The Department for Energy and Climate Change (‘DECC’) have opened up a consultation aimed at a significant increase in mid-scale commercial/industrial building mounted solar panels.
Understandably, tenants of industrial and commercial buildings may have considerable reluctance in investing in solar power sited on the roof of the building they are renting, not least as (generally speaking) they will not have a lease for the full 20 year term for which they would be entitled to the corresponding subsidy.
Similarly, freeholders might need to relocate during that 20 year period anyway. Moreover, solar panels are unlikely to be on the top of the agenda for many small and medium sized businesses, even if they have become higher profile of late with significant manufacturers such as Bentley drawing a substantial amount of power from their rooftop panels.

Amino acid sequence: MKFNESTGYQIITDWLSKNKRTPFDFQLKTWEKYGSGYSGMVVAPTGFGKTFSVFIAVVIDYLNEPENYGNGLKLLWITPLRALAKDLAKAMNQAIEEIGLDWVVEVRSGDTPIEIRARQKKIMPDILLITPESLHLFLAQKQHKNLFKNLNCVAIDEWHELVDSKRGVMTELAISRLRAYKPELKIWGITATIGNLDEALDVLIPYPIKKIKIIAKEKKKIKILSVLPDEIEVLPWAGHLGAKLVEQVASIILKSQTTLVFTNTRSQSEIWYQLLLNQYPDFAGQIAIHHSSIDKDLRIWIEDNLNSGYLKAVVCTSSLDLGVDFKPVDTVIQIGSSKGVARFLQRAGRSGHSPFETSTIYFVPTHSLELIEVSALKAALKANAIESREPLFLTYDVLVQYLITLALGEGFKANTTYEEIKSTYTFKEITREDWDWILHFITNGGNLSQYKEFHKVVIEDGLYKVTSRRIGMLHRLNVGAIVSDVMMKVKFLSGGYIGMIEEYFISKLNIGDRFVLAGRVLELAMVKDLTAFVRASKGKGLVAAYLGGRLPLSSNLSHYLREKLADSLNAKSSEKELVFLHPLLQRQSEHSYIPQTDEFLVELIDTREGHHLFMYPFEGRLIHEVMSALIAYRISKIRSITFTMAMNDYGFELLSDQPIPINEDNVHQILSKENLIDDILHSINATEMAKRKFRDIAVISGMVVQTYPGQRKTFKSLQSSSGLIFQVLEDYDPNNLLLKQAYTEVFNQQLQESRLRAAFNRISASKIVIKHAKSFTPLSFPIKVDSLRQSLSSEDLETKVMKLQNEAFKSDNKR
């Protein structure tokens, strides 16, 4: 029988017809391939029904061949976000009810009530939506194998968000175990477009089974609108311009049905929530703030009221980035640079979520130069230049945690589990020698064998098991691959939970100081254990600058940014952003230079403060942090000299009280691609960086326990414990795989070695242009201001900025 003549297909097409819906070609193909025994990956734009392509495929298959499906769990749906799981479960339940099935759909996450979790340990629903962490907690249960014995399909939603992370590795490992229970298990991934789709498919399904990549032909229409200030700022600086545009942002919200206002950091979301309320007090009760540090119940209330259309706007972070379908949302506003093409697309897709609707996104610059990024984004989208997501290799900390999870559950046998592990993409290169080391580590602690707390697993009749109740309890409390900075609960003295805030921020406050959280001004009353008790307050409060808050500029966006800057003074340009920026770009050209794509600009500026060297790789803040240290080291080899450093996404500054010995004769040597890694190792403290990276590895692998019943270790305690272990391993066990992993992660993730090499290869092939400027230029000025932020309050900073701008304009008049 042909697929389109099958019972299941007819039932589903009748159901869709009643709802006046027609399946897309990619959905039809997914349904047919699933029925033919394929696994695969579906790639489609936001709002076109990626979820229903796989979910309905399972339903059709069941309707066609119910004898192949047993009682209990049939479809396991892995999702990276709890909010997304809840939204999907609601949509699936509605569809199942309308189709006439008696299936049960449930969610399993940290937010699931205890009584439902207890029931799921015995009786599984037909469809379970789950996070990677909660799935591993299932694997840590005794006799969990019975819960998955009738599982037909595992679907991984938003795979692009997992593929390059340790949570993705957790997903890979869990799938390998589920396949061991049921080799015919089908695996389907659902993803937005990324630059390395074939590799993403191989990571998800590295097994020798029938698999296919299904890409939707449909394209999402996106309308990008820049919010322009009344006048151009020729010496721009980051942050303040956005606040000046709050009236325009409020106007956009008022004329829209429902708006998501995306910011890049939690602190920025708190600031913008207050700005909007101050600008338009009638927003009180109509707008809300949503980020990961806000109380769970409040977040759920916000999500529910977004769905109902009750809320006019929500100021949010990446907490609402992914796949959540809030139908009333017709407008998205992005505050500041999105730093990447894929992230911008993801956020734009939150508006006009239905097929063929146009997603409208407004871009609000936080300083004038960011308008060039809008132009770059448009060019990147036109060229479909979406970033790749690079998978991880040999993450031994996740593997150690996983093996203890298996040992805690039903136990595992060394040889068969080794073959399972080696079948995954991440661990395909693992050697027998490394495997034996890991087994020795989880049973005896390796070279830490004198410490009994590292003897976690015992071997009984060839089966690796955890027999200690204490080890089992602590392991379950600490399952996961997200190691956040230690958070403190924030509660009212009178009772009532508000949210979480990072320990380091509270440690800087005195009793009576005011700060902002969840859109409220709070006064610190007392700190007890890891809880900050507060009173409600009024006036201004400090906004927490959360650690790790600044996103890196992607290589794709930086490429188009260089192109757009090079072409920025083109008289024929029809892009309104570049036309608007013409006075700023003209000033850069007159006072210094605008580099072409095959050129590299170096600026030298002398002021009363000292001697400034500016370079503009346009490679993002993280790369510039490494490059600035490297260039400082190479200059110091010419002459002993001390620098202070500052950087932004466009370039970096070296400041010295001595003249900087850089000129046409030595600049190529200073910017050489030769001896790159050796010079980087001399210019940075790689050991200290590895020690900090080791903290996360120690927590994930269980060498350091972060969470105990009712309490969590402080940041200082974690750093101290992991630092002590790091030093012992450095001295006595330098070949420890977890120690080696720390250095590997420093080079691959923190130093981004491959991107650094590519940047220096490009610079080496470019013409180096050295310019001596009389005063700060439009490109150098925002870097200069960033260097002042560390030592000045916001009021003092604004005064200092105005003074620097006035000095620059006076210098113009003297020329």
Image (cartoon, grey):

The consultation is therefore aimed at injecting some flexibility into the present subsidy scheme and increasing the attractiveness of such investments. This will not include small schemes of less than 50kW, given the administration costs.
As you might anticipate, the DECC proposals come with lots of conditions attached and it remains to be seen whether the owners and occupiers of commercial property the scheme is aimed at respond as hoped, given there will still be a good deal of ‘red tape’ associated with it. Nonetheless, a consultation is undoubtedly a step in the right direction and reflects the Government’s stated aim to cut the incentives for greenfield/farmland solar parks and point the subsidy in the direction of commercial rooftop installations.
The consultation will close on 5 January 2015.
Scott Mitchell is a Partner with over 20 years’ experience of commercial and industrial property, including renewable energy installations for farmers and landowners.